“You’re probably the closest thing I’ve ever had to a girlfriend,” David told Nicole last week in an email.   “I know I’ll never have a chance with you, but is it okay if I email you more frequently? I want to have someone to share my feelings with.”   It was a brutally honest and self-aware email. Funny too. At one point, David apologized for being afflicted with what he called NADE – Non-Alcoholic Drunk Emailing disorder. David’s always had a good sense of humor.   That wry wit is just one of the things that Nicole appreciates about David. He’s also polite, and looks for the best in people. But, as is the case with most girls he has known, Nicole’s attraction ends there.   You see, David has muscular dystrophy.   It started to manifest around age five. One birthday he was running around wreaking havoc, messing up his room, playing with kids his age in the yard. By the next birthday, his body had started to change. Dystrophy causes a degenerative weakening of the muscles, and soon he couldn’t bear his own weight.   Now, at age 30, David has the body of a 12 year-old. He’s in a wheelchair.   Nicole isn’t a bad person. She is kind and selfless, and could never be accused of being shallow. But David’s situation reveals a cold...

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Up for discussion: Anonymous? Not so fast

What would make a woman lean out of her car window and scream at a guy on a bicycle as she passes? I’ve been wondering about this ever since it happened to me several times over the summer. It still surprises me that it happened. I mean, Utah Valley is a pretty bike-friendly place. Bike lanes are common and traffic jams are not.   Despite what people may say about Utah drivers (always forgetting that they are referring to themselves), I’ve noticed that drivers usually keep an eye out for bikers; I’ve been saved more than once during moments of incaution by a cautious driver.   But some people are idiots. One day I was cruising down University Avenue, going 25-30 mph, and a woman passenger screamed so loud as she passed by that I almost swerved directly into her car. If a man on a bicycle collides with a swiftly moving automobile, it means blood. My blood. I’m not excluded from this behavior, though. I don’t try to endanger the lives of other people, but I’ve said plenty of bad words from behind my steering wheel, words that I would never, ever say otherwise. Would I ever say these types of things to people’s faces? No. Would the passing screamer have endangered my life had she known me? Probably not.   So why do we do it? Why...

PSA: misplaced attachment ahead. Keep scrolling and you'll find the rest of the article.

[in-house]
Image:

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Jekyll and Hyde

After class on Tuesday, I knew I needed some stimulation to get me home. I headed for Scoops Ice Cream. I was second in line. The kid ahead of me looked just as excited about the ice cream as I felt. Ice cream is a great equalizer – it makes us all children again. He was getting a waffle cone, which gave me an idea. I had a buy one get one free discount on my starving student card for Scoops. Five minutes later, he was eating free ice cream. As we left the shop, he stopped in the doorway to thank me. “Thanks dawg.” He looked right into my eyes. “I had a hard day. You don’t even know.” I was taken aback by his sincerity, but pleased. “Hey, no problem bro,” I said. “Have a good one.” Ten minutes later, I was at the bus stop with my bike, and my goodwill had run out. It was hot, and the sugar from the ice cream was wearing off. I was grouchy.   Another cyclist arrived at the scene, and she stood next to me. When the bus came, the two-bike rack was already carrying a bike. There was room for only one more.   As the pedestrians started to load, the girl and I awkwardly waited, until she broke the silence. “Where are you headed?” “South Provo,”...